Archive for April, 2016

Farms and Farming for those Most in Need

Two articles this week pointing to the importance of New Jersey farming in providing access to fresh food for urban communities and for those in need in more suburban and rural areas.

New trustees named at Valley Crest Farm and Preserve

Robert J. Shanahan, Jr. an attorney from Flemington, and Mike Beneduce Jr., a fourth generation farmer and winemaker from Pittstown, have been named to the Board fof Trustees at the Valley Crest Preserve. The Valley Crest Preserve is a nonprofit that grows and provides fresh produce for people in need. Valley Crest Preserve is located in Lebanon NJ.

Urban Farming in NJ: A Vital Link in the New Jersey Foodshed

Michele Byers, Executive Director of the New Jersey Conservation Foundation penned columns in the Hunterdon County Democrat  and The Daily Record about the importance of urban agriculture in New Jersey.

Urban agriculture and the repurposing of old industrial sites for agriculture and food processing has also been a key concern of NJ Agriculture Secretary Doug Fisher as well.

Byers provides links to a number of key urban agricultural initiatives in Trenton, Newark, Camden, and Patterson:


Capital City Farm an initiative of the D&R Greenway Land Trust  is supported by Isles which is developing 30 community gardens around the City of Trenton. Capital City Farm will be located on two acres of land behind the Trenton Soup Kitchen.


Greater Newark Conservancy supports two urban farms in Newark, including an orchard with 75 fruit trees.

AeroFarms is converting an old steel factory in Newark’s Ironbound section into a vertical farm that will provide fresh greens year-round.


Camden’s Center for Environmental Transformation operates the Emerald Street Garden which includes a greenhouse, chicken coop and bread oven. Community gardens operate in many abandoned lots throughout Camden. Camden’s agricultural landscape includes orchards as well as community gardens and urban farms.


City Green operates in Paterson, Clifton, and Passaic. Projects include a one acre farm in Paterson and a five acre farm in Clifton. City Green is a good example of how to operate at a bioregional scale in a state dominated by home rule and fragmented jurisdictions.

It’s Farmers Market Time!

Farmers markets are starting to open across the state, usually in a south to north pattern. Here’s a quick rundown of those markets that made the press this week.

Cowtown Farmers Market in Pilesgrove NJ. It’s old school in that piles of fresh produce and fresh farm products from nearby farms are intermingled among rows and rows of flea market wares, bargain basement stuff, and antiques. Great way to spend a 1/2 day or so with the kids.

Brigantine Farmers Market in Brigantine NJ.

Shore Area Markets The Asbury Park Press provides a handy dandy guide to farmers markets in Monmouth and Ocean Counties this week. One of my favorite memories as a kid is driving to the beach with my grandparents and watching the fields and farms unfold. Pulling in at some roadside farmers stand and getting fresh sweet corn and tomatoes on the way home was always a treat.

While the roadside stands and roadside markets are fast disappearing along with many of our small roadside farms, NJ’s still abundant produce, fruit, and value-added products can be found at many of these farmers markets covered by  the APP.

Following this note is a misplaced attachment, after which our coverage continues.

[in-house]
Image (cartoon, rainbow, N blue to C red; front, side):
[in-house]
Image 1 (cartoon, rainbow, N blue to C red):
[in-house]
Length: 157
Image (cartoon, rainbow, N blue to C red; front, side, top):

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Agriculture Secretary Doug Fisher works to ensure a Garden State for the future

NJ agriculture leader to retire, but stay connected to industry

Rebecca Byrne attends 4-H summit in Maryland

Pier Semanchik of Hackettstown High School Named the 2016 4-H New Jersey Equestrian of the Year


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N.J. agriculture giant killed in tractor accident

Food Incubator in northern NJ could help keep farmers down on farm

Density, diversity are good news for N.J. farmers

Food markets sprouting in North Jersey

How to shop–and not to shop–at a farmers market



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Have been absent for quite a while as I wrestled with a PhD program, my parents failing health, and field research on the aftermath of Sandy across the greater Metropolitan NYC area.

Lately, however, I have been thinking more and more about the NJ Food and Agriculture sector as I’ve been driving through what remains of the hinterlands of Monmouth County.

NJ Spotlight had a great article last week about the possible development of a food incubator in Northwest NJ as a way of managing remaining farmland in Sussex and Warren counties  and helping new and young farmers to get started and keep farming.


The Foodshed Alliance  was incorporated in 2010 as a formal organization dedicated to preserving the rural food systems of Northwest New Jersey and increasing rural resiliency in these same areas. They’ve been operating since 2001.

I was happy to see this article by NJ Spotlight as I’ve been thinking a lot lately about NJ Food and Agricultural systems prompted by some recent visits to Minneapolis that started me wondering again about the feasibility of a NJ-Wide Food System study, similar to the Greater Philadelphia Food System Study commissioned by The Delaware Valley Regional Planning Commission in 2010.

A key part of my academic research covers community resource networks and “The Plural Sector”, the large expanse of ventures and organizations that are neither fully private nor fully public. So I was very excited to see some thought being given to alternative ways of organizing for success in NJ’s dwindling farmlands.

I hope to get a chance to visit and talk with the folks at the Foodshed Alliance this summer as a part of a relaunch of this blog.



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